Modeling Cancer Driver-Like Events Using In Vitro Carcinogen Exposure And Immortalization Assays

Hana HUSKOVA, International Agency for Research on Cancer, France
ARDIN M. 1 , VARGOVA K. 2 , PANDEY M. 1 , OLIVIER M. 1 , HOLLSTEIN M. 1,3 , STOPKA T. 2 , HERCEG Z. 4 , ZAVADIL J. 1 , KORENJAK M. 1

1 Molecular Mechanisms and Biomarkers Group, International Agency for Research on Cancer, Lyon, France
2 Institute of Pathological Physiology, First Faculty of Medicine, Charles University in Prague, Prague, Czech Republic
3 Faculty of Medicine and Health, University of Leeds, Leeds, United Kingdom
4 Epigenetics Group, International Agency for Research on Cancer, Lyon, France

Purpose
Cancer genomes harbor mutational spectra that document exposures to external factors and endogenous events underlying the tumor development. Information on candidate cancer driver alterations is accessible from public compendia of somatic mutations, yet much of this knowledge remains hypothetical and of little mechanistic insight. Simple, robust and rapid systems are thus needed for well-controlled experimental investigations of functional impact of carcinogenic exposures on the genome and on cancer cell growth.
 
Methods
We devised barrier bypass-clonal expansion (BBCE) assays based on cultured primary mouse embryonic fibroblasts which upon carcinogen exposure circumvent senescence, a selective pressure barrier, and immortalize. Exomes of the resulting clones are sequenced and analyzed to decipher both the mutational signatures and the putative functional driver events selected and enriched for during the outgrowth phase.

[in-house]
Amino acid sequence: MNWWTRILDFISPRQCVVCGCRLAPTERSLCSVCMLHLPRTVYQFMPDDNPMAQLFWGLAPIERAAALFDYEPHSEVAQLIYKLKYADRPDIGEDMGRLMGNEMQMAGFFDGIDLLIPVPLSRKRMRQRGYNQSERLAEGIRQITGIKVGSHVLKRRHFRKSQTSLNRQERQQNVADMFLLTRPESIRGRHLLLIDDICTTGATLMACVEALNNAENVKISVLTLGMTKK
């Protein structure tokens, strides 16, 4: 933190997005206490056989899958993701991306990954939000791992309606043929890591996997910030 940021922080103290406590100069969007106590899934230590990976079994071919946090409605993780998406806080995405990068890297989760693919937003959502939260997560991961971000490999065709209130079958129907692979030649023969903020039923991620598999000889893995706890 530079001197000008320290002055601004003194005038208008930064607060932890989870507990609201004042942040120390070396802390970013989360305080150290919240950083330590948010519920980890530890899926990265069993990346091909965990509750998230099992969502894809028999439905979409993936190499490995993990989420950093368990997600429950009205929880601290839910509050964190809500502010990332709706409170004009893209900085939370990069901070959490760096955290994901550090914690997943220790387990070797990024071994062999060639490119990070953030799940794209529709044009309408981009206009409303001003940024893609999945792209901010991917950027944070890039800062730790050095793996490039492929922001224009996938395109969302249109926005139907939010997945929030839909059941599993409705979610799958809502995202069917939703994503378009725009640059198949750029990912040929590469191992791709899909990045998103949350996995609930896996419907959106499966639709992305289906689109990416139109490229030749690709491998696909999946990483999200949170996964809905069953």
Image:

Results
Using the BBCE assays, we tested the global mutagenic effects of several known human carcinogens. We obtained 25 independently arising cell lines, altogether harboring 16,061 acquired mutations of which 7,615 were non-synonymous. As in human cancers, the alterations affected pathways regulating DNA damage response, DNA repair, cell cycle, cell death, transcription and chromatin structure, and multiple developmental signaling pathways. Forty-eight genes listed in the COSMIC Cancer Gene Census were recurrently mutated across the BBCE cell line panel, including well-established oncogenes (HRAS, KRAS, ABL1, EGFR) and tumor suppressors (APC, ATM, BRCA2, PTCH1, TP53). A number of epigenetic and chromatin regulators also acquired recurrent mutations. Data will be presented describing a customized pipeline to prioritize candidate driver events, followed by systematic genome editing or pharmacological manipulation of select genes and assessment of the resulting phenotypic and molecular traits.
 
Conclusions
In summary, our BBCE approach may yield new mechanistic insights into driver-like events underlying cancer development.
 
Funding source
International Agency for Research on Cancer; ITMO CANCER – INSERM Plan Cancer 2015.